Again, that just came naturally. We toured so much before we released the record, but then we also wrote so much before we toured. Before we released the first record, we were a band for about four years. We wrote for two years and we toured those songs for two years, and then we released the record.
It’s been quite a long process, and our sound has changed as we’ve toured. We figured out what sort of band we are. Especially for the next album that we’re writing currently, the sound has come out much more naturally because we know what we are as a band and what we are in a live setting.
Your debut album originally came out back in the U.K. in October, so it’s almost a year old now, and as you were saying a lot of these songs were written previously. Do you find that your relationship to some of the songs has changed over these couple of years?
Oh yeah, definitely. You definitely find songs you’ve grown out of in a way. For me, it’s like having a tattoo. That’s where you were at that point in your life and the memories, and then you move on and it’s the next stage. Soon enough those songs will become a memory about where you were, and that’s the whole point.
We’ve developed so much as musicians and as people as well. You look at us on the first album and say, “Oh wow, that does sound quite young there.” The next definitely sounds so much more advanced and bigger and gnarlier. That is an interesting question, but they always have a place within you because they were a part of you.
You mentioned “Trip Switch” going to No. 1 on the Alternative chart. I understand you were listening to a lot of rap when you wrote that song. Is that a fairly uncommon experience for you to write a song in that way?
No, I think we’re influenced by things all around us. For that, that was a different one. I was listening to a lot of Drake, a lot of hip-hop and Kendrick Lamar. Stuff like that. I really liked some of those bass lines and that kind of groove, so I thought we could do something with that. It kind of worked out in the best way, really.
I don’t know. We’ve definitely drawn from all sorts of different things in the band that you probably would be like, “What the hell?” It’s really good in that way.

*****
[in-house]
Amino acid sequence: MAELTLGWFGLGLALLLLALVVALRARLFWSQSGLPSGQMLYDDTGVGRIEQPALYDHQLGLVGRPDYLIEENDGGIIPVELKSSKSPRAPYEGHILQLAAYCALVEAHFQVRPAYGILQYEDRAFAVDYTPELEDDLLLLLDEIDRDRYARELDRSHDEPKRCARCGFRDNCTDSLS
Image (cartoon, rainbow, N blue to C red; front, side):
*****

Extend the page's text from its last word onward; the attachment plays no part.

Do you think maybe that groove and catchy guitar line helped it catch on as quick as it did?
I have no idea, but I’d like to thing so. That’d be nice [laughs]. I don’t know. I just wanted to do something that was cool and kind of like this hip-hop thing I was listening to. My mates back home were kind of doing it and I put it in our setting. It worked out, I guess.
You released “Wake Up Call” second, which has done pretty well over here. Are you going to be releasing a third single or will you just be focusing on writing the next record?
I really want to try “Itch” out in America, but there’s this whole logistics thing. That’s kind of the boring side of the music industry, sorting all that shit out. So hopefully, but I don’t know.
I understand Joe writes a lot of the lyrics. How does that relationship work between the two of you, figuring out the writing and vocals and all that?
Yeah, it’s this thing we’ve always done. We basically talk over what we want to write about and think about everything that we’re going through in our lives. Especially for the next album, I’ve jotted down loads of stuff that I’m going through, and then we talk about it and write about it.
He’s just got a really good creative brain like that, and my strong points are definitely meditative. He’s been my best friend and like an older brother since I was 11, so we’ve always had a strong bond with music. It works out really, really well for us and a good way to do it.
It’s always easy for you to relate to the songs and feel them on an emotional level then?
Oh yeah, absolutely. They’re things we both want to write about and I can really find my way within every song we write. I can put myself in that headspace, and especially a lot more of that in the second album.
An interesting thing I saw on your Twitter bio is you put you are a retired pessimist. Is that an inside joke or something? What do you mean by that?
Yeah [laughs]. The last American tour we were on I was going through a lot of shit. I was struggling with health issues. I think part of my problem is, because I’ve always known myself, I want to think the worst about everything. I do believe the music has helped. But yeah, it’s kind of an inside joke and a joke to myself [laughs]. I was a pessimist, but now I’m very much more of an optimist in some form.
So one of my favorite vocal parts on the record is that chorus part on “Excuse Me” where you go really high and then the second part sings underneath that. On something like that, is that just something you come up with through trial and error?